What All Atheist Must Know

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What All Atheist Must Know

Last Free Dates: 2nd Nov 17 to 6th Nov 17
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...A better argument for a spellchecker and universal education, than for Christianity....

The typo in the cover (a missing s) and the bottom line of text being cut in half on the title page did not bode well for this.

By the third paragraph I had encountered fragmentary sentences, bad grammar, and no identifiable typos. Then I turned the page and saw the (lack of) formatting on the Table of Contents.

I do wish people writing religious tracts would put more effort into how they present them. If your arguments can’t be understood, they won’t win people to your faith.

I quit at the end of the first chapter, where a portion of the author’s introduction is repeated wholesale, grammar errors and all. The Chapter header breaks across lines in the middle of a word. It is also painfully apparent that the author had no editor, proof-reader or even spell checker involved in this book.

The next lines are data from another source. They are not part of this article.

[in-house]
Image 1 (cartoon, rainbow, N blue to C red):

The arguments are limited, and a primary school education answers most of them (e.g. how is the sun held in place without ropes, how does electricity get into a storm without cables?). I will not go further, as I risk commenting on the author, not the book, but Google or wikipedia will answer the author’s “unanswerable questions”.

Monks used to spend years transcribing books and pages to make sure the words were perfect. Can’t modern preachers at least use MS or Open Office spelling and grammar check?

Rating: DNF
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Discussion

Anna (14 November 2017)
HA. "A better argument for a spellchecker and universal education, than for Christianity." That's the most telling book review blurb I've ever read; punchy and efficient. You would think if you go through the process of *writing* a book, which takes time and effort (usually), that you'd bother to at least use Microsoft Word.

Angel (19 November 2017)
You are assuming they are using something as complicated as Word, when they may as well be using Wordpad which just lets you put all the words in willy-nilly without worrying about all those squiggly lines that keep appearing.

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